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I have a new dryer. Someone placed a mattress cover in the dryer, the mattress cover melted and stuck to the metal plate that hot air must pass through to dry the clothes. The heat did something to the plastic and it is hard.

I could chip and scrap but that would take several hours and likely damage the metal plate. I have tried to dissolve the plastic with denatured alcohol, acetone, naptha, and xylene. Nothing dissolves this plastic. I have tried a heat gun but that just turns the plastic to goo. I have tried soaking the removed plate in alcohol and burn the plastic off but the plastic does not want to catch fire.

I can see there is a $150 replacement available online but I would prefer to not to spend that money.

How can I remove the plastic from the dryer plate?

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    Heat gun and a wooden/plastic/silicone(one that will be tossed) scraper should do. Soften the plastic then scraped it off.
    – crip659
    Oct 26 at 15:47
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    @marcelm A lot of polymers are insoluble in anything (and some dissolve slowly enough to be impractical).
    – fraxinus
    Oct 27 at 11:59
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    @marcelm: You do not want anything that could dissolve plastic anywhere near a heat source like a dryer! Oct 27 at 20:16
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    I'm amused that you've tried to burn the plastic off but were worried that chip and scrap ... would ... damage the metal plate :D
    – Caius Jard
    Oct 28 at 16:34
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    Have you tried MEK (methyl-ethyl-keytone)? It's an epoxy thinner, and it attacks plastics. otherwise, since its attached to a metal part, maybe hit it with a hammer.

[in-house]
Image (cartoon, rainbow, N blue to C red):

– Z4-tier
    Oct 29 at 18:03
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Either throw in the towel now, buy the new plate and install it, or work to remove the plastic.

To chip/scrape it off, I'd suggest a hard, stiff, plastic scraper. If you don't have anything like a narrow plastic putty knife or plastic interior trim tools (for removing trim pieces from a car without damaging the trim or the paint), an old credit card or a plastic knife might do the trick. I'd opt for the plastic knife first, but I'd grab it with 2 pair of pliers and break the knife blade * to give a sharp edge. The plastic should be soft enough to not damage the metal, but the sharp edge should help scrape the mattress cover off. You might even need to tap it gently with a hammer and use it as a makeshift chisel *.

If you get it all off but it takes two hours, well, you just paid yourself $75/hour for the labor. Not a bad rate! If you end up damaging the metal enough that you feel you must replace it, at least you gave it a try and you're no worse off than if you hadn't tried at all.


*For both of these operations, eye protection is highly recommended. By "highly recommended", I really mean mandatory - you don't want a little bit of flying plastic embedded in your eyeball to compound the issue.

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    I bought a used one online. @crip659 recommended a heat gun but again, that softened it, and I got a lot off that way, but a thin film remained and the added heat seemed to just harden it more.
    – GBG
    Oct 26 at 21:27
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    If you credit yourself $75/hour for doing it in two hours, you do have to debit your time if you try and fail - it's inconsistent to say you're "no worse off" in that case! Oct 27 at 13:48
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This answer is pretty short, but. . .

I'd remove the plate and attack it with a pneumatic wire wheel / wire wheel attachment on a drill.

Use at your discretion, wire wheels can be pretty aggressive and change the finished look of the metal - But in my experience it does not cause any knicking or burring, which I imagine would be the main concern with your clothes spinning around in it.

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    You can get them with brass bristles too, which makes it safer to lean in a little bit harder.
    – Tim B
    Oct 26 at 21:25
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/those which fire cannot cure, are to be reckoned wholly incurable.”/ - Hippocrates.

The metal plate will not burn. The plastic will burn. Remove the cooking grate and fire up your grill. When it is hot, set the metal plate on the coals or over the gas jets. All plastic burns if it gets hot enough. This is outside work, because there will be smoke.

You can scrub off the carbon when you are done. The metal plate will be discolored. That is ok.